In the summer 2009 issue of The Journal of the National Staff Development Council, Gary Waddell presents a format for identifying the professional development/coaching needs of teachers.(Who’s That Teacher? Vol.30, No.3 pg 10)
Using two skill components: Knowing Your Stuff (content knowledge and instructional practices) and Knowing Your Students, he creates a matrix with four teaching identities.
Struggler—Low in both areas
Technician—High in knowing Stuff/Low in Knowing Students
Caretaker– Low in knowing Stuff/ High in Knowing Students
Master Teacher– High in Both Areas
I recommend you read the article to find Waddell’s suggestions for Supervision and Support.
Here are some of my thoughts for coaches and principals:
Struggler— If this is a brand new teacher, they hopefully have a mentor working most closely with them to help develop needed skills. Instructional coaches, mentors, and principals should be communicating so that the teacher is not getting mixed messages as to what “needs to happen.” If this is a more experienced teacher, it is critical that the principal is clear in the evaluation process as to what “needs to happen”. An instructional coach can be of great support to the teacher who wants to learn. I believe it is unfair and unproductive to ask coaches to work with struggling teachers who are unaware of the requirement to change from administration. Coaches can ask the struggling teacher, “What are you being asked to change?” and “Are you interested in doing it?”. If the struggling teacher knows and commits positive results are likely.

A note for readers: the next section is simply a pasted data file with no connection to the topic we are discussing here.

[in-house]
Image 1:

Technician—I often find that technicians are successful with some (or many) students. That success can provide a block when asking them about changing. They point to their current practice working. I tackle this from two approaches. First, spending time identifying the teacher’s desire to have all students be successful….reinforcing and valuing that belief and recognizing where the teacher’s current work is succeeding. Then, having the technician identify what the unsuccessful students would need to do to succeed. If the teacher doesn’t know… that becomes our coaching focus… finding out…studying the learners. When we’ve agreed on what the students would need to do, we then focus on what the teacher might do to cause the student to perform.
Caretaker– Similar to working with the technicians, coaches begin by reinforcing the strengths that caretakers bring to their classrooms. In this case the approval is focused on the relationships and commitment to students. In most cases the caretaker is unaware of the additional depth of learning that their students are capable of achieving. Coaches create opportunities for caretakers to self discover the untapped learning. This could occur through the caretaker enhancing their own depth of content. In this case they will want to share their knowledge with their students. Observing how master teachers use instructional strategies or expectations to increase student effort toward higher standards can also promote the self discovery of caretakers. Commitment to students will prod the growth and change of caretakers.
Master Teachers– I often suggest to new instructional coaches and principals new to having the services of coaches in their buildings to begin their coaching with master teachers. This is the best way to model that coaching is not a deficit based activity. Often master teachers are unconsciously talented. They are unaware of many effective practices they have. As coaches identify the reasons for the master teacher’s success, understanding and esteem are built. Master teachers who are conscious and confident can be key players in continuous school improvement as they interact with colleagues. Conscious, confident master teachers are effective mentors for new teachers. Coaches should also engage master teachers in experimentation. Through action research these professionals can contribute to new learning for all educators.
Coaching is for everyone…and students are served when all teachers learn.